The fifth Democratic debate was held in Durham, New Hampshire at the University of New Hampshire. The first Democratic debate to occur after the critical, first-in-the-nation Iowa caucuses, it was also the first of four new debates added to the 2016 primary season schedule by the Democratic National Committee. In months previous, the DNC had demonstrated great reluctance to sanction any contests beyond the modest amount it was planning, but amid mounting pressure from candidates and voters alike, it finally acceded.
This debate was important for its timing. It came just three days after Iowa's hotly-contested caucuses, when rumors of a Hillary Clinton rout of rival Bernie Sanders were handily dispelled. Clinton did eke out a victory with 49.9% of the vote, but Sanders was practically neck-and-neck at 49.6%, placing better than supporters hoped or opponents feared he could and making for the closest caucus result in Iowa's history. Meanwhile, distant third Martin O'Malley, who drew just 0.3% of the state's voters, was disheartened by the results. He announced the suspension of his presidential campaign shortly following the caucuses, making tonight's contest a one-on-one faceoff between Clinton and Sanders. This time, Sanders was no underdog: After Iowa, polls showed he had erased what was once a seemingly insurmountable 30-point lead on Clinton's side.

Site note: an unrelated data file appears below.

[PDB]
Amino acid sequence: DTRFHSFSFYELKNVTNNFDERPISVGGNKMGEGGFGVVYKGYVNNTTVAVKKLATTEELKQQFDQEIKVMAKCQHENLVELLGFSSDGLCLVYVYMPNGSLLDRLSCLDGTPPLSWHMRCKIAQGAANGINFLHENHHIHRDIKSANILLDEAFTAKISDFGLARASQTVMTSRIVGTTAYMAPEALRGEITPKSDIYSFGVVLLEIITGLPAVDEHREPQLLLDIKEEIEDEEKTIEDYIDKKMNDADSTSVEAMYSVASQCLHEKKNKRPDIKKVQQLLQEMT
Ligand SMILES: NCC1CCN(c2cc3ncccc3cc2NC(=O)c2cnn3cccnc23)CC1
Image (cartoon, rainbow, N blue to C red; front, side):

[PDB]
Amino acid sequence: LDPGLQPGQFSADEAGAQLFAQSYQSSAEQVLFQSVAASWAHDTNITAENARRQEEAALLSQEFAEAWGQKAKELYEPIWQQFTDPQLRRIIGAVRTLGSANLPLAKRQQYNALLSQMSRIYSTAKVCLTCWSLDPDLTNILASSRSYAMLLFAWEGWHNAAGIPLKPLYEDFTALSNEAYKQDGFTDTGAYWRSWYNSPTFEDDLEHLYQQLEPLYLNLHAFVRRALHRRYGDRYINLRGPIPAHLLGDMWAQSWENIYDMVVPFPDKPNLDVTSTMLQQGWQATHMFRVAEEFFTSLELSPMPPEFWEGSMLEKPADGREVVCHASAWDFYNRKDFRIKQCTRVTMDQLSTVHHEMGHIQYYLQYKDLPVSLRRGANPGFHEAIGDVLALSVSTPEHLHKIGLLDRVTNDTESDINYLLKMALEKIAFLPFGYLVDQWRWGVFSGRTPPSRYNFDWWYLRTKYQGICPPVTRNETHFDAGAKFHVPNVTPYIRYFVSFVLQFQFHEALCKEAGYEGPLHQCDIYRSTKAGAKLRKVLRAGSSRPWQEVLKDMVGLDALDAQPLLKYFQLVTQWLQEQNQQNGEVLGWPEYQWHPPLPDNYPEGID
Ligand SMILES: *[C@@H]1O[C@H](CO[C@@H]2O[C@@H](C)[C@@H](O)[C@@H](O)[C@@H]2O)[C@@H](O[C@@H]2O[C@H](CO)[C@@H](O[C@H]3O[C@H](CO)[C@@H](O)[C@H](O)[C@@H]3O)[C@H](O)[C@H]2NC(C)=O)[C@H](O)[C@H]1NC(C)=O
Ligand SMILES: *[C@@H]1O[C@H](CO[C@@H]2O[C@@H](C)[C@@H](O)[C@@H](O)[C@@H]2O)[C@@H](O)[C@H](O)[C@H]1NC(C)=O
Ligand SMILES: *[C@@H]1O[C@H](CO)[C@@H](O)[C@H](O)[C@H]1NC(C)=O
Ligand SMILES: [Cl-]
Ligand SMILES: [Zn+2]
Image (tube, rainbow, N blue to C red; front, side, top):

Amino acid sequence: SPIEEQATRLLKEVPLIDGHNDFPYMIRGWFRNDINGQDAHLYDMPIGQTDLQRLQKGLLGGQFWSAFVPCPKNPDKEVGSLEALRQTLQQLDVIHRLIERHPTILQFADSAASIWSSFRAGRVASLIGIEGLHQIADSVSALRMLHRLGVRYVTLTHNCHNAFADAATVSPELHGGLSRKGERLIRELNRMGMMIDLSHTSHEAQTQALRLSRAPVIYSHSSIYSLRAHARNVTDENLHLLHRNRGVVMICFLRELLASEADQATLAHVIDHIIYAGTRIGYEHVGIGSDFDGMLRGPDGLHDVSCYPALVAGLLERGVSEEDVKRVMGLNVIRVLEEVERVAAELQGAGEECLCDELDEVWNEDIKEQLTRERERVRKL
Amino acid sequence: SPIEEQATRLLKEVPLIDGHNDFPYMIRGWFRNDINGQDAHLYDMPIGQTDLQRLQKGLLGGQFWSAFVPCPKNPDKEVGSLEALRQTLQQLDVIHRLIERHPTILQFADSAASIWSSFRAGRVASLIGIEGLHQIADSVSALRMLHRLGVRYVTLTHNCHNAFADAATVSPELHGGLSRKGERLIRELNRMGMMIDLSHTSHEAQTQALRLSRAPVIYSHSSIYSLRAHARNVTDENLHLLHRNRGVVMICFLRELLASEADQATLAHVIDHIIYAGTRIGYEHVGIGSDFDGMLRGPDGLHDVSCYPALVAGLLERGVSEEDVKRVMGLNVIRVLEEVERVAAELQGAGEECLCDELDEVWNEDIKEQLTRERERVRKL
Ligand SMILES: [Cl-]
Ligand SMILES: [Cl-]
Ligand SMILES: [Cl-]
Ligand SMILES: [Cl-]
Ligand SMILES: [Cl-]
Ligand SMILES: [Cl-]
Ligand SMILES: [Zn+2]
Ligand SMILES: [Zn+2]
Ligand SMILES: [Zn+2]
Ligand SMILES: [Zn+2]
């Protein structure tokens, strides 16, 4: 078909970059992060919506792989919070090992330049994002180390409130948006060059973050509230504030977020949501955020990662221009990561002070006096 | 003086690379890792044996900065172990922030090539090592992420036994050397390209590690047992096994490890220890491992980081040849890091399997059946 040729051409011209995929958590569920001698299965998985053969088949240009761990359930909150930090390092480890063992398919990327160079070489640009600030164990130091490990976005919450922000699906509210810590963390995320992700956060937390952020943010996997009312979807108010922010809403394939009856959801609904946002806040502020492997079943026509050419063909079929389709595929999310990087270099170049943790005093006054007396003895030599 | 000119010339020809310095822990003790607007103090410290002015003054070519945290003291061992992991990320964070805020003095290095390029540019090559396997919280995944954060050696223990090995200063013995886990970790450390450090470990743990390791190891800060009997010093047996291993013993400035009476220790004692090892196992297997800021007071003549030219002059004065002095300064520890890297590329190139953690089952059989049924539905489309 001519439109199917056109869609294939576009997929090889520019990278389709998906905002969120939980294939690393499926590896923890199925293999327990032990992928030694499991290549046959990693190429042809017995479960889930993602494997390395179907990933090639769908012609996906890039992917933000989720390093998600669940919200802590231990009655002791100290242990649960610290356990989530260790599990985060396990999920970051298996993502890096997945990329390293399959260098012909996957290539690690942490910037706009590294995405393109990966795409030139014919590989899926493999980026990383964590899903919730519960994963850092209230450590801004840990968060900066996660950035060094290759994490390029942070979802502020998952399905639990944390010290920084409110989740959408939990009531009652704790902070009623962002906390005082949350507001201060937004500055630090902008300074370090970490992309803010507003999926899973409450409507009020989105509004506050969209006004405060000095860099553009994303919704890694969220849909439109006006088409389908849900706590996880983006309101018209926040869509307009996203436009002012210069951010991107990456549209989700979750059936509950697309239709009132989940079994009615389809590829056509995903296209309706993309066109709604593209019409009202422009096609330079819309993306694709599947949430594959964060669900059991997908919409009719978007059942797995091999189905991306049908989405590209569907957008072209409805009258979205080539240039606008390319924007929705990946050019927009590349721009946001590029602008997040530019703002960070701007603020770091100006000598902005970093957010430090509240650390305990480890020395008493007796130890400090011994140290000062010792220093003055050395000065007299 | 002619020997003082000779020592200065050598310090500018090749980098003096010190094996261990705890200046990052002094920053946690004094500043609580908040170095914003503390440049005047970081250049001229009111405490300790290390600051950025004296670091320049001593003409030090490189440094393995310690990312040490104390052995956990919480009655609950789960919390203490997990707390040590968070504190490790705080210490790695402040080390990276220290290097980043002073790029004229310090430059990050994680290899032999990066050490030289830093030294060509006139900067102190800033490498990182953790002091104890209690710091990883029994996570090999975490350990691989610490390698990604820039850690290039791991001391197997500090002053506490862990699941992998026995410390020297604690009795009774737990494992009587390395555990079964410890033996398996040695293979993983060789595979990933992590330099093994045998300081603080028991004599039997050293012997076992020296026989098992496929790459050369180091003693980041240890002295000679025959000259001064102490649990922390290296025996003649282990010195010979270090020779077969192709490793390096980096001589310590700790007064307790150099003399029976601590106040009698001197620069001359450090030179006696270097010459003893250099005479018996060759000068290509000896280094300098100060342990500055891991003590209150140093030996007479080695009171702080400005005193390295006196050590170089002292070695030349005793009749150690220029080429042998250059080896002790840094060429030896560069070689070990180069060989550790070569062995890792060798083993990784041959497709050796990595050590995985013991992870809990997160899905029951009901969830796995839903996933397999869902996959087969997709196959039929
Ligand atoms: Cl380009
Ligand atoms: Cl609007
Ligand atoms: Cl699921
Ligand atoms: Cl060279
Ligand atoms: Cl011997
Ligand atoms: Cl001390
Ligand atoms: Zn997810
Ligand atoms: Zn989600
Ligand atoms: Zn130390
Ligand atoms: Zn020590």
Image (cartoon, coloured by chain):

The debate was hosted by MSNBC, and was moderated by MSNBC journalist Rachel Maddow and NBC News journalist Chuck Todd.
Because of the results in Iowa, speculation was high that Clinton would be combative tonight with her rival, in contrast to previous Democratic debates that have been almost sedate – especially in comparison to those held by the Republican party. Indeed, Clinton was noticeably more aggressive. Right off the bat, when each candidate delivered their opening statements, Sanders made no mention of his opponent at all – but Clinton edged in a jab with an assurance that she was “not making promises she cannot keep”. This seemed a subtle reminder of her frequent criticisms of some of Sanders' proposed policies, including tuition-free college for all American citizens, for which Clinton has expressed skepticism of the nation's ability to pay, and demanded specifics from Sanders on how he would finance them.
Later, Clinton accused Sanders of speaking with “innuendo” and “insinuation” in his criticisms of her accepting money from wealthy donors and super PACs, saying he was implying that she was a bought candidate who would forever be owned by and beholden to special interests. She pointedly told Sanders that if he had something to say, he should say it directly, and that his roundabout attacks were “not worthy” of him. While not answering this challenge in itself, Sanders did repeat his umbrage at Clinton's contributors, and expressed his pride over running a campaign funded entirely by what he stated to be millions of middle-class Americans, each donating an average of $27 per head.